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Insomnia + RA - A Vicious Cycle

I used to think I couldn’t sleep because I had too much on my mind.

Then, I thought I couldn’t sleep because of how much my knees hurt.

To confuse things even further, I’ve definitely been told that my knees might hurt because I’m too tired.

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Here’s what it’s like to live with both insomnia and RA: Fatigue is a symptom, a sign, and a rule of thumb. Exhaustion is the only thing I know.

Living with insomnia and RA

Let me rewind. I’ve lived with a sleep disorder since childhood, basically as long as I can remember. For me, insomnia has meant struggling to fall asleep, struggling to stay asleep, struggling to sleep through the night, never feeling rested in the morning, and struggling to make it through the day awake.

Additionally, I’ve dealt with joint pain for about as long. Labeled as growing pains in my childhood, and misdiagnosed as fibromyalgia in my early twenties, I wasn’t correctly diagnosed with (or put on an adequate treatment plan for) rheumatoid arthritis until the year I turned 30.

How it all started

As you can imagine, the vicious cycle started somewhere near the beginning. At night, I’d take baths or drink warm tea, trying to relax my body and my mind. I’d get cozy into bed and then fixate on how much pain I was feeling in my knees, or my ankles, or my wrists.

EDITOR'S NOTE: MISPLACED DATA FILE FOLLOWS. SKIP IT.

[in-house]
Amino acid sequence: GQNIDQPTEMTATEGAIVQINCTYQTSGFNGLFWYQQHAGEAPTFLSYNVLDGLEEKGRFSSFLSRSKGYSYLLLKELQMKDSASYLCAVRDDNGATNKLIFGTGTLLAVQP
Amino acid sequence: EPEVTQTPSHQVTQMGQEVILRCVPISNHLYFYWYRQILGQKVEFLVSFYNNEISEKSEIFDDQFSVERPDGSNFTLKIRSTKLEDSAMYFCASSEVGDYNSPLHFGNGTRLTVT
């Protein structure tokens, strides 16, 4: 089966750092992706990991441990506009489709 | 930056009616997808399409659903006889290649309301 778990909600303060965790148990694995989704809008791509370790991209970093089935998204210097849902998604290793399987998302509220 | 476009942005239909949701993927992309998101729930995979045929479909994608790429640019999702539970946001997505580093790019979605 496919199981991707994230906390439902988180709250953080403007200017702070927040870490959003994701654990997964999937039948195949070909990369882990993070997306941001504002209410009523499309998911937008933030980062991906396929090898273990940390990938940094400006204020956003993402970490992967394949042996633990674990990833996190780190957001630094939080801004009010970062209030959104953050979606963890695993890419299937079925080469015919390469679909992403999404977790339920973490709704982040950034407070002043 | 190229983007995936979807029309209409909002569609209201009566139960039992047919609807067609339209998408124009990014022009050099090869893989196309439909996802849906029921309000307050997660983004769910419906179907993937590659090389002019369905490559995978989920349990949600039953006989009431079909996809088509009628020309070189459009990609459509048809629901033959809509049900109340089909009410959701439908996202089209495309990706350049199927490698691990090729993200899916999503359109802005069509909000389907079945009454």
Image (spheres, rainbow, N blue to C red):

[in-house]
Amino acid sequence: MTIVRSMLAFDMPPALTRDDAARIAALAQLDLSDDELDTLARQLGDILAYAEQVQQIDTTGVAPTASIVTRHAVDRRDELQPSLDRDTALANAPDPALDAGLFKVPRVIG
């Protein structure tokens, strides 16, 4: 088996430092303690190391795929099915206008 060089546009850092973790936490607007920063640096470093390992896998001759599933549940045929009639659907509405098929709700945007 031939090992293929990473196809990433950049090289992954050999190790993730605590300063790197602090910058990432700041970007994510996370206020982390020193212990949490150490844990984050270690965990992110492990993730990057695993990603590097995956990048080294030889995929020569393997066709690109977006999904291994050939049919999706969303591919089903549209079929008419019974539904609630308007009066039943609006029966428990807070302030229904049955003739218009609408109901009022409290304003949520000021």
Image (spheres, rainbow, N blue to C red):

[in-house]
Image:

The pain would prevent me from finding a comfortable position, which would prevent me from falling asleep - or would I fail to fall asleep because I was also living with insomnia and I couldn’t turn my brain off?

Unknown.

Managing multiple conditions

Here’s how I manage as best as I can: Taking care of my body and managing the physical symptoms of RA is a full-time job. This means taking my treatment plan seriously, not missing infusions or medication doses, attending routine appointments with my rheumatologist, and getting routine lab work completed.

Moving everyday

It means doing the right amount of movement during each day for my body - I’ve learned over time that not moving enough and pushing myself too hard both have separate and equally undesirable outcomes. It also means fueling and hydrating as best as I can, taking into account the other chronic illnesses I live with.

Preparing my body for sleep

Preparing my body for bed has become a routine of sorts as well. Soft, warm clothes and bedding are a must. A heating pad, or heated blanket, along with some topical cream (Arnicare, Tiger Balm, BioFreeze, etc) all help to manage my pain and support my body as I unwind from the day and try to fall asleep.

Trying to get decent sleep with insomnia

As any condition does, managing my insomnia involves additional medical providers, medication, and specific routine. But here are the most important things I've found to help my chances of decent sleep:

  • Consistency in bedtime and morning rising
  • Consistency in sleep environment (temperature, noise, light, etc)
  • Journaling for insomnia - I have found over time that completing a brain dump of sorts before bed allows my mind to "let go" of as much as possible

If you struggle with sleep or live with a sleep disorder in addition to your RA, what has been helpful for you to manage both conditions?

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